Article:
If cats, dogs, horses and other animals seem to have little difficulty when giving birth, then why is human birth relatively complicated?
To answer this question, biological anthropologist Wenda Trevathan has spent much of her career examining human birth from an evolutionary perspective. She has gained wide recognition for her work as a researcher and as a teacher, with awards ranging from the American Anthropological Associations Margaret Mead Award to the New Mexico Professor of the Year Award presented by the Carnegie Foundation for the Advancement of Teaching.
Trevathans pioneering research on human birth has focused on two seemingly unrelated things that happened during evolution: Our pelvises became narrower and our brains grew larger. While narrow pelvises enabled us to walk more easily on two legs, we now are trying to pass big-brained babies through narrow birth canals, Trevathan said, noting that complications will be inevitable.
As she and other scholars traced changes in childbirth back to the times of our ancestors, they discovered that about half of the brains in other animal species are developed at birth, but for humans, only one-quarter of our brains are developed at birth. In other words, humans with bigger, less developed brains in bigger heads tried to squeeze through smaller pelvises.
So our babies are much more vulnerable and much more helpless, Trevathan said. Monkeys can usually hold on to their mothers right away, so if the mother squats and gives birth, the baby sometimes crawls out of the birth canal, holds on to her fur, and the mother can take off running if she needs to escape from a predator. Our babies couldnt possibly do that, because they dont have the required motor skills.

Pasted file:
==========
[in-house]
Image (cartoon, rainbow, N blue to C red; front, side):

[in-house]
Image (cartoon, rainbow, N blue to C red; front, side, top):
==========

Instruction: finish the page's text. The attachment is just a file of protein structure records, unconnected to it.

Charting childbirth through time also has shown that humans today, like their ancestors, want someone with them when they deliver their children. Six years ago, Trevathan and Karen Rosenberg, a University of Delaware paleoanthropologist, wrote an article showing similarities between the modern custom of seeking assistance during childbirth to the actions of our ancestors who also sought help.
Their article caught the attention of the publishers of the Williams Obstetrics Textbook, who included the researchers work in the first chapter of the books 22nd edition so all obstetricians should be aware of it.
In the article, Trevathan and Rosenberg argue that, unlike most animals that want to be alone when giving birth, the complications associated with human childbirth make it advantageous for women to look for help in the delivery process.
Our argument is that we can physically give birth without any help, but if you have somebody there to help receive the baby, to help clear off the facial region to help it breathe, and to help flip the umbilical cord if its wrapped around the neck, this shows one of the successes of the human species, Trevathan said.
For women throughout history, birth has always been supported by close friends and relatives so the normal place for birth was with sisters or mothers, she said. It was more of a woman-centered thing with a lot of social and emotional support.
In addition to her work on the evolution of childbirth, Trevathans research interests include human sexuality, mother and infant biology, nutritional anthropology and evolutionary medicine.
She is working with psychology professor Laura Thompson on research into mother-infant interaction, cortisol levels and cognitive development, funded by the National Institutes of Health.